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Climate-Denying Koch Brothers Back Purchase of Time Magazine

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Climate-Denying Koch Brothers Back Purchase of Time Magazine

By Andy Rowell

The media company Meredith announced Sunday night that it's buying Time magazine for an estimated $2.8 billion.

"We are creating a premier media company serving nearly 200 million American consumers across industry-leading digital, television, print, video, mobile and social platforms positioned for growth," said Meredith Corporation Chairman and CEO Stephen Lacy.


Buried deep in the press release was where a significant proportion of this money is coming from: "Meredith has also secured $650 million in preferred equity commitment from Koch Equity Development (KED)."

And here's where the alarm bells should start ringing. The KED fund is run by the Koch Brothers, some of the biggest funders of groups promoting climate denial and libertarian causes for the last two decades.

To try to assuage concerns, Meredith's board added the statement that the Koch brothers will not have seats on the company's board or any "influence on Meredith's editorial or managerial operations." John Fahey, Time's chairman, said the sale was in the best interests of the company.

But not everyone believes the spin. You don't invest $650 million for nothing.

Charles Alexander spent 23 working for Time as a reporter, writer and editor—thirteen years working on the environmental beat, including the iconic 1989 cover which had the earth as "Planet of the Year," which stated that "man has reached a point in his evolution where he has the power to affect, for better or worse, the present and future state of the planet."

In the following years, as scientists have increasingly warned about our warming world and the state of the world, the Koch brothers have spent millions denying the problem of climate change.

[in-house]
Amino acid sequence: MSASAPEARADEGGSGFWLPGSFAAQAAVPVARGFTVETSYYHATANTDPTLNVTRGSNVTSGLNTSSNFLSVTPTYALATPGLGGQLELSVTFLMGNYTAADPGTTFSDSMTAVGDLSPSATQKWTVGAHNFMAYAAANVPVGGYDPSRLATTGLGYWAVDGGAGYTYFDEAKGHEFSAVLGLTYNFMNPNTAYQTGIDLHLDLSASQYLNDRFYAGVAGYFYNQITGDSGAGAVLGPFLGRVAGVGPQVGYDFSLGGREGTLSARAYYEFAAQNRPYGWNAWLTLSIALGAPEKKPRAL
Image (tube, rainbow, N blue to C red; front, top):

Writing in The Nation last week, before the deal was formalized, Alexander said, "Can you imagine what it would be like to see your life's work suddenly go down the drain? I can—right now."

Alexander wrote of his "despair" at the deal, as "Koch Industries is a big player in the oil and gas business and whose philanthropy has long funded climate denial."

He added, "If Charles and David Koch gain control of Time, I expect my life's work to be repudiated in the very magazine in which it appeared. The thought is almost too much to bear … it is perverse and dangerous for two billionaires with no commitment to factual truth to be permitted to buy a magazine that has been a voice for reason and use it to further their narrow business interests."

He ended by saying that "my beloved Time, once a soldier for truth, may have fallen casualty to the forces of greed and deception."

And he is right. The Koch brothers are the central funding machine in the climate denial movement. But it is much more: their "dark money" has helped propel Donald Trump into power, and helped manipulate the stories you see and the words you hear. But they do it through others: right wing think tanks or other conservative outlets.

And now they will do it via Time.

Mary Battari, from the Center for Media and Democracy told the Guardian she considered it "a smart move" on Koch's part. "The only way they can convince the public not to worry their heads about climate change and to forget about regulating the fossil fuel industry is to create their own media megaphone."

So nearly thirty years after Time's iconic "Planet of the Year" cover, the magazine could soon be running headlines like: "Exclusive: the world is flat."

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